What spoke to me:
The idea that schools don't seem to intentionally make space for visual thinking and interpretation, even though it is a powerful tool for critical thinking, problem solving and analyzing. By not nurturing visual thinking, we as teachers are not helping develop an important skill.
Ideas it gave me:
As an teacher of an extended learning program, I have more latitude than grade level teachers, yet I still don't take full advantage of nurturing visual thinking and art integration. I want to intentionally make space for both. It's like traveling the scenic route vs the main highway. Both roads end at the same destination, but travelers on the scenic route have experienced more diversity in terms local culture and scenery; it's that increasing exposure to give students a broader base.
An example of how I currently integrate art:
(I hope this is an example of integration and not enhancement...) At a certain juncture during the reading of The Tale of Despereaux with 2nd graders they will collectively sketch a giant size (7 ft) tall Despereaux (we discuss and practice scale models, as we add features and details). Once he is sketched and colored in, students add "fur", using pencil first, then brown marker, around the outline of his body by writing the wow words (or phrases) they've extracted from the story that describe Despereaux's character best, on that body outline. Up close it looks like words, but at a distance, it resembles jagged fur. They write this string of words with no punctuation, and very little spacing; words such as despair, litter, disappointment, music like deep purple falling over sleepy garden walls, ears soft as velvet, etc. This undertaking helps with the goal of getting to know the character, and putting oneself in the character's shoes. Lots of conversation, reasoning, and decision-making happens around this process of creating "their" mouse and so defining him.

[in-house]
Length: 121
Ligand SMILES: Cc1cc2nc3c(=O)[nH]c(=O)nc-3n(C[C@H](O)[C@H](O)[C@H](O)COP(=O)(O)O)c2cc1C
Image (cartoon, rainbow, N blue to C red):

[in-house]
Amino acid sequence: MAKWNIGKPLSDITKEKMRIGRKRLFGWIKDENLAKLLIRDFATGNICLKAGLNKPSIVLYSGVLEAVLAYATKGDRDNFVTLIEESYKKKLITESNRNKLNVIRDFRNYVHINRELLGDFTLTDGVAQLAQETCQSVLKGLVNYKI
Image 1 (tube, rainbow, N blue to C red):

Somewhere in either the reading or the video, they talked about how kids metabolize their learning more effectively when they experience it with and through art, that learning this way sticks with them. This resonated with me, as images and hands-on involvement helps me as a learner connect with, and remember my learning better.